Sunday, July 11, 2010

Stitching Bloggers' Question of the Month - July Edition

Stitching is an activity that tends to be solitary.  Sometimes I wonder if we choose stitching because we are more comfortable with pursuits that we do alone, or does our stitching cause us to be loners?  So what do you think? 
And you know that I can never stop with just one question or thing to think about, so here’s something else that’s been on my mind. 
Since we’re stitching alone most of the time, it seems to me that we get great joy from coming together with other stitchers.  It can be such a good feeling when we find a group of people who speak our language and understand our stitching excitement and passion.  But since not all stitchers are perfect, not all groups can be perfect either.  So…if you could create your own perfect stitching group, what characteristics would make it perfect?
For instance, would you all be near the same age, or would you like your group to span a generation or two?  Would you enjoy political or religious discussions while you stitch or would that make you shy away?  Would you like a big group or a small group?  Those are just a couple of variables in groups…tell us what’s important to YOU.

You know as I read this, I thought some of you are going to hate me. Well, I guess hate is a really strong word. But you might be very jealous. And if you are, please remember that it hasn't always been this way for me...

Let's take this one step at a time. Am I more comfortable with solitary pursuits or did my stitching make me this way? Kind of a chicken or the egg type question. First, for those of you who ever took a Myers-Briggs test, I am an INTP. When I first took this test back in 1989, I ranked fairly high on the introvert section. And funnily now, when I tell my friends I'm an introvert, their first reaction is "You? Ha!" But truly I am an introvert. Twenty years of traveling courtesy of the US Army taught me that life is too short to hide in your house unless you want to be miserable all the time. I have learned to go forth and put myself out there. Would I sometimes rather be home reading or stitching? Yup. My answer to this question is that yes, I was more comfortable being alone and stitching alone can be a tremendous pleasure. The aloneness came first for me.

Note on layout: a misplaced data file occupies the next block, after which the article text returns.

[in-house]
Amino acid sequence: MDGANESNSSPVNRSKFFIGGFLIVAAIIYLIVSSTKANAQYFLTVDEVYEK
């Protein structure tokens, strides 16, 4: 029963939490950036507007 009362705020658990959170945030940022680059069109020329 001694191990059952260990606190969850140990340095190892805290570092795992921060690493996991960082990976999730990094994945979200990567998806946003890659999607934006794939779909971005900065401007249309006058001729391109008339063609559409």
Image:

As to the stitching group question. I don't have to theorize. Or fantasize. 

I belong to two different groups that meet every week for stitching. Some people who belong to those groups read this blog. I love every one of you!

I've been stitching with my Thursday morning group since 2006 if I've got my dates correct. This group started at the Scarlet Thread in Vienna. When I first showed up, it was the store owner and one other person, with an occasional other person stopping by. Within a year, we had grown into a group of regulars with a few occasional drop-ins. The store moved 2008 and we moved with it. And when the store closed in 2009, one of the members offered up a conference room in her condominium building.